Girls Against are quick to remind people that their campaign isn't just for female-identifying victims. On their Tumblr they note that they support "all victims" of harassment, and Camilleri tells us this has been one of the most satisfying parts of rallying for justice. "It makes us really proud of ourselves when someone who has maybe struggled with their identity feels comfortable to come to us and confide in us," she says. "It makes us feel a little proud of the changing views our generation is championing." The internet is often criticized as being detrimental to face-to-face interaction, but it's exactly this quality that can make social media an attractive avenue for people who don't fit the stereotype of sexual assault victims. This is an ethos shared by Ros. "I want young women, the LGBT community, and truly everyone to feel capable to live their authentic lives," reads a quote on her Instagram. Sexual assault is about power relations rather than gender, and it's not just cisgender women who know the reality of this.

Discrimination of assault victims based on their physical appearance is what led Nathalie Gordon to co-found her own digital campaign, #thisdoesntmeanyes. The hashtag was not directly aimed at empowering women to wear what they want to music festivals, but it feels particularly appropriate in this environment, where women are frequently social media-shamed for wearing revealing clothing. Gordon is particularly frustrated by the victim-blaming language often used in festival guidelines for preventing sexual assault. "Most people are compounding the victim blaming problem not necessarily because they actually think rape victims are to blame but because victim blaming is actually kind of difficult to get your head around," she explains. "Telling women, at a festival for example, 'Watch out when you walk back to your tent alone at night' or 'Probably best if you go with a friend just to be safe' sounds really helpful — it doesn't sound mean or intended to offend."

Instagram has been a natural platform for #thisdoesntmeanyes, "purely because it's where women are more commonly expressing themselves, owning who they are and naturally feeling good about themselves," says Gordon, "We wanted to harness this organic behaviour." Hashtag activism often gets a bad rap, but not all hashtags are created alike. The problem is ensuring these images to get just a fraction of the attention that Justin Bieber received for tipping a bucket of cold water over his head in the name of ALS.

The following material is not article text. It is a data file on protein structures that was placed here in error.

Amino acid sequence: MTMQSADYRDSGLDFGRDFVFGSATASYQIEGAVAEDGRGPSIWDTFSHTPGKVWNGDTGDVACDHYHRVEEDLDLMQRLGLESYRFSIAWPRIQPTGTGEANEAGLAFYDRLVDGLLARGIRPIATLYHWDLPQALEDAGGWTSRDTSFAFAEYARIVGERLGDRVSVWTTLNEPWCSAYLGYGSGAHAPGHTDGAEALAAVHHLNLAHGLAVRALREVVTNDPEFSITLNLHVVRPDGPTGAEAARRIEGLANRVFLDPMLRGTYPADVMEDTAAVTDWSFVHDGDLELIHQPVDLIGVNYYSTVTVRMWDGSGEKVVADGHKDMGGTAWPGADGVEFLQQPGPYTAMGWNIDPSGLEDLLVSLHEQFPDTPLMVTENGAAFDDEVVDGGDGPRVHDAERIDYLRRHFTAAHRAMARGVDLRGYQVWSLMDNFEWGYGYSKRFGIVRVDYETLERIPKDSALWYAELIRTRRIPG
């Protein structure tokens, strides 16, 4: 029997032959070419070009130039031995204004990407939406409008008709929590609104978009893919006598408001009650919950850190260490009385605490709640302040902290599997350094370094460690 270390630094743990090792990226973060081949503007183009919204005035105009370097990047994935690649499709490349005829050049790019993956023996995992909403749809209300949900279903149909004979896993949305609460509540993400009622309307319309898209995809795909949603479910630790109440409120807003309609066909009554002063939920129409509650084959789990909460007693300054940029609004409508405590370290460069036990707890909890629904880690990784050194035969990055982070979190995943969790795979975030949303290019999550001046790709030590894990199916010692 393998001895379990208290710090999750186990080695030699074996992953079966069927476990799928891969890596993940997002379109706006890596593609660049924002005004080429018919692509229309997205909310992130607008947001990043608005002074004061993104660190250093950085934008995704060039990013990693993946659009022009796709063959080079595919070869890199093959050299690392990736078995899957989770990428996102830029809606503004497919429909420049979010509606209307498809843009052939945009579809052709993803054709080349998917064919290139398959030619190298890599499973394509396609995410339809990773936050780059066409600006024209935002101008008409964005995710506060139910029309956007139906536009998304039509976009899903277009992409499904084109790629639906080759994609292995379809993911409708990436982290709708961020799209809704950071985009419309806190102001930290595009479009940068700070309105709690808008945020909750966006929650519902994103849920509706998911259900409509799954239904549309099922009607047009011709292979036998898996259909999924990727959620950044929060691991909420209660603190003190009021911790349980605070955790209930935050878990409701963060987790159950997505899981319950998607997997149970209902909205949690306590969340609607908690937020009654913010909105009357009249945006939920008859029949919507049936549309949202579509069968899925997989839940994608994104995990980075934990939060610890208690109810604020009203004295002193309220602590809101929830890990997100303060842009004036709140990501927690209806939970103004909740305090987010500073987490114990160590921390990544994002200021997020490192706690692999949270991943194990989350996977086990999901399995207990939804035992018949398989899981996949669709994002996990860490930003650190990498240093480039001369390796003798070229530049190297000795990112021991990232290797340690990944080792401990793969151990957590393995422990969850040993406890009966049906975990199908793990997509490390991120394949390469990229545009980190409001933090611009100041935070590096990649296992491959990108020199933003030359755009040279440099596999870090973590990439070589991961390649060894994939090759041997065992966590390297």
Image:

This requires that the products and platforms reach people beyond the audience they target directly. Gordon says that it's the "active but still passive" bystander that we should be turning our attention to. "The Bystander is the person with the power to say, 'No, that's not cool/ don't do that/ don't say that.' They know what is wrong, they need to feel like they have the ability to do something about it," she says. "It will happen — progress takes time." Gordon and Camilleri both claim that misogynistic backlash to their work has been surprisingly minimal. "It's something we expected from the very beginning and something we don't take very seriously," says Camilleri. "We just kind of laugh it off and think about the people sitting on their phones attacking us when we're actually changing something."

It's hardly impossible to find evidence that tech and the internet effect change. Perhaps the most pertinent example of this has been the case of Kesha and the heartening outpour of support through social media. The problem is effecting the change before the offense, not after. "We need to flood the media, the internet, magazines, and newspapers with positive messages about consent and respect for women and for men," says Gordon. "If Kim Kardashian decided to start tweeting about sexual consent you bet your ass people would listen… We live in a world where we feed off culture — we need to make sure the right messages are out there coming from sources people, young people particularly, are listening to." 


Text Hannah Ongley
Image via Flickr Creative Commons

sexual assault
Girls Against
wearable tech